Why #TotalTransparency is Now My Motto - Part 1: Journey before California

...because after years of soul-searching, which started as the quest for my true passion in business, I came to the conclusion that my personal mission is to "do the right thing while inspiring others to do the same." I now believe that the only way to inspire others is to be 100% transparent about who I am, what I do and how I do it. I have to take control of the fear of being judged by others for being my true self and for the mistakes I have made to get here.

This is my "Why". This is what makes me get up every day full of  the desire to live.

All my life, I had been running away from problems. I had always been frustrated with things that were not done "right" by my book, and I had chosen to deal with my frustrations by escaping them. I was born in Vietnam in the early 80's, when most of the country lived in poverty while dealing with the aftermath of the War. As a kid, I had so much compassion for people who were poorer than my family, especially if they were old. I always thought that when I grew up I would make a lot of money so I could help them all.

(Life on Vietnam's Mekong Delta)

As I got older, I started to notice injustice everywhere. I saw the police taking bribes from the people: bad guys and good guys. I saw students buying grades. I saw employees buying promotions. I saw all kinds of things that I did not agree with. I was frustrated but repressed my frustrations because I thought this was an unavoidable part of society. After all, I was part of the system too. 

It wasn't until my first year of college in Vietnam that I finally had enough. At the end of the first semester, the gym teacher told me my badminton skills were too weak to pass the class, which meant I would lose my scholarship. My classmates told me he did this to many people, and all I had to do was go to his house and give him some money in an envelope. What seemed to have been just another glitch in the system made me flip the switch. 

I did not go to his house. I spent the next semester applying for scholarships to study abroad instead, which landed me in America the next year.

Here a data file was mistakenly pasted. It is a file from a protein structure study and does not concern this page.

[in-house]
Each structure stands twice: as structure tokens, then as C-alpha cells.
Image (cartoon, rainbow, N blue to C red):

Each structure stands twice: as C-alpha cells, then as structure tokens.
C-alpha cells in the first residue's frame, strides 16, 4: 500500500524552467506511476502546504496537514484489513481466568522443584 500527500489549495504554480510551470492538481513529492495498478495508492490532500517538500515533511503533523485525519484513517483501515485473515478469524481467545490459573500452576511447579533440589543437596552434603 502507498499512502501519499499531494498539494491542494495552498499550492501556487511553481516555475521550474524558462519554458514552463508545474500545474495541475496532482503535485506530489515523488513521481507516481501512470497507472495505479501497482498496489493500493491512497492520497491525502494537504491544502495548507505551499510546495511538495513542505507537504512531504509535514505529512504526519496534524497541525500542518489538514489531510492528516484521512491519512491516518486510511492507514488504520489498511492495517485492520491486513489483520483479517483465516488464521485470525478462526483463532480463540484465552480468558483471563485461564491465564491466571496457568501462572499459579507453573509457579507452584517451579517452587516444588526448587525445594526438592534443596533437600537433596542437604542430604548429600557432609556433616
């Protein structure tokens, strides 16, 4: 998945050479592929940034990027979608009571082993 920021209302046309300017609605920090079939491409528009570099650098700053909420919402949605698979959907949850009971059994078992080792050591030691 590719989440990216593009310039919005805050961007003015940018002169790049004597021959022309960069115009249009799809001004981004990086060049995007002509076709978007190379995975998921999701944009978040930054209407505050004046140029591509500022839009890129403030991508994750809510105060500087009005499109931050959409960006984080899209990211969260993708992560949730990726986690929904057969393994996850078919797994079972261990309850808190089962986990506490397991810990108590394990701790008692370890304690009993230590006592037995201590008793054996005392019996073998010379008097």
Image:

(Freshman year: representing Vietnam at our school, next to my dear friend Sonam representing Bhutan)

I started my American Dream in the Midwest, with a wonderful experience as an international student in the beautiful liberal town of Madison, Wisconsin (after a brief spell in Iowa, of all places). There were certainly difficulties along the way, but that's a topic for another day. But my fascination with the new and mighty country wore off after being in the workforce in Minneapolis, Minnesota for a few years.

I got frustrated with the system again.

I didn't like how there were so many big box retailers in the Midwest. I didn't agree with how employees were treated by some of the supposedly most influential corporations in America. I was shocked by the common farming practices used by the agricultural industry. I am far from being political but parts of the Midwest became too conservative (and sometimes racist) for me. I felt trapped in a marriage that I entered because it was the right thing to do after so many years of dating, even though I truly loved my ex-husband as a person. 

So I escaped again, this time to New York City, convinced I had managed to leave my "Midwest problems" behind, and now my American Dream would truly begin. 

(The quintessential New York lifestyle: summer rooftop BBQ's. Here with some of my first and best New York friends)

New York was everything I thought it would be. Fun, fabulous, full of energy, culture, opportunities and ambition. Being in New York in my mid/late twenties and early thirties, after a divorce, helped shape the woman I grew up to be, both positively and negatively. I still love New York with all my heart, especially all the life-long friends I met, but toward the end of my time there, I started to feel that the city's energy and my energy were no longer fully in sync. I started to feel out of place at parties where the men were wealthy finance guys and the women were Russian models. I started to feel embarrassed coming up to club bouncers with so-and-so's name, in order to cut the line. I grew tired of having to "look cool and fabulous" all the time and coming home to a tiny windowless studio apartment. 

As I began to feel like my life was a pretense in the world's most glamorous city, I landed a cool job in Los Angeles. So together with the boyfriend and the dog, I shoved my "New York issues" aside and left for sunny California. 

(to be continued)

Los Angeles, April 29, 2018

1 comment

  • Hi Linh,
    Great article! I’m glad that you’re willing to share your journey. I can really identify with your struggle, but we still had some good times at Wartburg! I can’t wait to read part two!


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